A preliminary reading of first quarter GDP showed the economy nearly slipping into recession, growing at a rate of just 0.2% for the first three months of 2015. The outlier was a three percent inventory build, without which the number would have been negative. Naturally, naysayers on the economy contend that the recession for the US economy never ended after 2009, and that the United States has been mired in a deep depression since the implosion of the financial system back in the fall of 2008 and that only extreme dosages of liquidity supplied by the central bankers of the world have saves us all from misery.

Wall Street continues to hum along with record amounts of stock buybacks buoying share prices for many firms, with growth and capital expenditures now becoming things of the past.

The first three days of trading were somewhat lackluster, followed by a huge downdraft on Thursday and a dead-cat monster bounce-back on Friday, which kept the major indices from outright implosion. Analysts are keeping a keen eye on the German DAX, which is coming close to correction territory.

The NASDAQ was the worst-performer, dropping nearly two percent as biotechs imploded and speculative money was coming off the table at a rapid rate.

For the week ending May 1:

Dow: 18.024.06, -56.08 (-0.31)
S&P 500: 2,108.29, -9.40 (-0.44)
NASDAQ: 5,005.39, -86.69 (-1.70)

Thursday, November 7, 2013

Wall Street Pouts Despite Twitter IPO; Jobs Data on Deck

Busy day today for the gods of greed, buyers of bluster, falcons of fraud, purveyors of prevarication.

Wall Street was all a-twitter over the IPO of Twitter (TWTR), the latest Web 2.0 mega-fad company gone public, which opened today on the NYSE with a bang. The stock was issued at 26, but opened at 44, quickly ramped up above 50 per share and closed at 44.90, good for a 78% gain. The company - based on "tweets" of 140 characters - is valued at about 29 times sales, pretty rich, especially for a enterprise that's still losing money. Well, at least the founders are now billionaires... on paper.

Prior to the opening bell, there was a flurry of activity from across the Atlantic pond, as Europe's Mario Draghi, ECB president extraordinaire, announced key rate cuts of 25 basis points, leaving the base rate at .25 and the key lending rate at .50. Observers in America wondered what took the Euros so long, though one must consider that they have been in the business of wrecking their own economies and fleecing the public a lot longer than their American counterparts, so they can kick the old can-can a lot longer and down an even shorter road without causing much of a stir.

The response from traders across the continent and in the UK was resoundingly mixed, with the German DAX higher, Britain's FTSE lower and the French CAC-40 barely changed. Don't these people understand the concept of cheap money? Pikers, the lot of them, except, of course, for the stodgy, stingy, and oh-so-proper Germans.

At 8:30 am ET, the US blasted off a couple of economic indicators, releasing the first reading on third quarter GDP at a robust 2.8%, a ribald lie if ever there was one, but enough to scare the few remaining hairs off the head of Lloyd Blankfien and others of his balding ilk. Good news is once again bad news, it appears, and any growth approaching three percent in the US sends shivers up the spineless bankers' backs, because they believe their buddies, Mr. Bernanke and the incoming Mr. Yellen, may cease the easy money programs that has catapulted every dishonest banker into ever-higher tax brackets.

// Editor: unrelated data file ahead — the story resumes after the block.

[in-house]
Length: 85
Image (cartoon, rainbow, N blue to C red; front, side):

The most recent initial unemployment claims - which were down 9,000 from the previous week, at 336,000, remained stubbornly high, though apparently not quite high enough for the barons of buyouts. These dopes saw this as another sign of a strengthening US economy, so, shortly after the opening bell, stocks did an abrupt about-face and trended lower throughout the session, with little respite.

In other news, Goldman Sachs is under investigation for rigging foreign exchange (FOREX) trading and just about everything else they do, and, yesterday, the Blackstone Group began pitching its rent-backed securities.

Really. They did. And some people actually bought them.

The advance-decline line cratered, with losers leading gainers by a 7:2 ratio, and new lows continue to close the gap on daily new highs, a trend metric that may just flip over if today's losses are indeed presaging something un-funny about tomorrow's delayed October non-farm jobs data, due out an hour before the opening bell. The way to read this is that the government is likely to report that something in the range of 120-150,000 new jobs were created during the month, which would be more proof of economic improvement, exactly what the market doesn't want. Either that, or it's going to be a real stink-bomb, because the forecast is only for 100,000.

Business as usual, my friends. Monkey business, that is.

Dow 15,593.98, -152.90 (0.97%)
Nasdaq 3,857.33, -74.61 (1.90%)
S&P 500 1,747.15, -23.34 (1.32%)
10-Yr Bond 2.61%, -0.03
NYSE Volume 4,092,416,000
Nasdaq Volume 2,196,542,750
Combined NYSE & NASDAQ Advance - Decline: 1276-4371
Combined NYSE & NASDAQ New highs - New lows: 197-101
WTI crude oil: 94.20, -0.60
Gold: 1,308.50, -9.30
Silver: 21.66, -0.111
Corn: 420.50, -0.75